The Nielsen Norman Group publishes a report each year, in which they pick out the top 10 Intranets of the year. Now it’s time for the Best Intranets 2013. This year the trend is pretty clear. 70% of the winners use SharePoint to drive their intranet. I haven’t even read the report yet, just the blogpost describing the report. And yet, I get a few takeaways free. If you have an interest in Intranets and designing Intranets, pick up the report and indulge yourself in 204 full-color screenshots of before and after designs. Content that you normally don’t get access to, unless you actually work for the Company.
6 SharePoint Advices from the winners of the Best Intranets 2013
You get 6 great advices from the winning teams and I’ll just comment a little on those. Being a SharePoint-guy I may be a little biased, but I will try to tone it down.
- Use SharePoint features to tackle usability challenges
Usability challenges such as Searching, Document creation and Management of those is just two killer features that SharePoint utilize in a unique way. I can without a doubt say that of all the Systems, Platforms, CMS’s, CRM’s, Portals and whatever someone choose to call an electronic system that organizes content (Content = Information, Documents, Pictures, Videos, Metadata and just random files), SharePoint stands out as the one Platform that can do pretty much everything. When it comes to Usability, I often find that it’s up to the Designer and Implementers of SharePoint to make it Usable. Speaking of SharePoint 2003 to 2010, I can say that much has happened, but it’s not until you get to 2013 that Microsoft actually made a unifying design across their Office Products and including SharePoint in that design. I’ve always suspected that Microsoft’s designers are at the back of the production line. Until now. With the 2013 SharePoint gets a huge bump in out-of-box usability design. But still. Don’t expect to have a finished Intranet with your organisations design implemented, the day after you unbox SharePoint. SharePoint can tackle usability challenges but you need to make it do that.
- Plan for design customization and development
I can’t agree more with NNGroup. Every single out-of-box-product needs to be Squeezed, Pressed, Designed and expanded via extra development to perform as the organisation needs. It strikes me that 5 out of 7 SharePoint Intranets, hired external help to make the most of the Platform. As a SharePoint Consultant, this should make me jump up and down in joy. But it also tells me that there is a pretty big need for information regarding what SharePoint can do for the organisations implementing the Platform.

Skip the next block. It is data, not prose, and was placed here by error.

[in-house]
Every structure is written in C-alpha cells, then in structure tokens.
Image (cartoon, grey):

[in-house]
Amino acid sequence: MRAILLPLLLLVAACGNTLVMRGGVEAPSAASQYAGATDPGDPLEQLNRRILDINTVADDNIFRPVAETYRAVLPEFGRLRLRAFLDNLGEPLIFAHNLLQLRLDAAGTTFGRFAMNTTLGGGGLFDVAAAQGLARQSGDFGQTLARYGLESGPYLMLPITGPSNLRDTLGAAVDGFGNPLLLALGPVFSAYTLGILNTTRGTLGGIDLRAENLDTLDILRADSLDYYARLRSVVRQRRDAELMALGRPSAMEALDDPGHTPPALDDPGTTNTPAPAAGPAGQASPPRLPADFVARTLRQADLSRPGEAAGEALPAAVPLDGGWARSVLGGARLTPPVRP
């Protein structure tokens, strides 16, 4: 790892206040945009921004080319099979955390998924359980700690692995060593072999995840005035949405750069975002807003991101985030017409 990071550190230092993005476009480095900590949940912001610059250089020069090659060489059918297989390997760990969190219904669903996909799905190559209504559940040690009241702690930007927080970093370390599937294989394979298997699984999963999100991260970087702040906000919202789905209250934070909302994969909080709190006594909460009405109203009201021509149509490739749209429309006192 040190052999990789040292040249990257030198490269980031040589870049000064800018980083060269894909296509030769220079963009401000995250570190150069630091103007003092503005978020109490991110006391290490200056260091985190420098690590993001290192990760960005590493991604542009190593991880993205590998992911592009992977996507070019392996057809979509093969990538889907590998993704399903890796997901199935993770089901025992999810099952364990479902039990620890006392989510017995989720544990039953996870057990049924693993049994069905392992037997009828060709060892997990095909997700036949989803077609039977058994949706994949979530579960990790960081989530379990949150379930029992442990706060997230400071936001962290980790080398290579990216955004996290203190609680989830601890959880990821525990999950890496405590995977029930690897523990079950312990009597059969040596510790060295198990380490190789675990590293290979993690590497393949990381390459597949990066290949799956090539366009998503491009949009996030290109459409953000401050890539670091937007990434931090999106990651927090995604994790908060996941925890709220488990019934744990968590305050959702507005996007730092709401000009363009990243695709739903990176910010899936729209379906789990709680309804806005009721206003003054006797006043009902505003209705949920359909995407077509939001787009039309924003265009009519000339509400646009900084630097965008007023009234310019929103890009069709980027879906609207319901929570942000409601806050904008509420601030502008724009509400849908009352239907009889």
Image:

- Educate employees about team (collaboration) spaces
One of the ways that your SharePoint Installation can blow up in your face has always been, the free creation of sites. I’ve seen it more than a few times, that SharePoint is exploding in Space Consumption because of some administrator turned the “Create sites” loose on the employees. And then they just start to play with the thing and creates sites after sites for all sorts of things. Then the Content Strategy is right out the Window. I would educate the Administrators to put in some Approval Workflows when it comes to the free creation of sites. Let the user apply for a project site and explain why the user needs a site for this project and you will get an immediate drop in the creation of sites.
- Understand that implementing your own branding can take time
Great design takes time. Brilliant design takes a little longer! This year the winning Intranets used an average of 2,3 years in building the Intranets. On average, it used to be 3,5 years. So is SharePoint getting easier to customize? Are the developers getting better at developing? Are the companies getting better at explaining what they want? The correct answer is properly a bit of it all. Add a Worldwide Financial Crisis to the mix and you get Companies that focus on getting top-value product for their buck, Developers using better and better ways to deliver complex solutions using agile/scrum/prince2 etc. methods and then you have Microsoft, using a massive amount of energy and money to make their product easier and better to approach for the Implementers and gaining more and more market share. All in all I think that, that is the answer to why the process from inception to launch has gone down.
- Keep permissions simple
Really! It’s the truth. Make permissions simple and you will end up in saving a lot of support time. Protect your confidential data but don’t go nuts in granular security.
- Accompany Enterprise 2.0 features with good planning and employee communication
Using the social features ind SharePoint should require Management to be at the forefront of the social line. And it’s a good idea to draft some company guidelines to accompany the social features, so no-one gets ahead of themselves.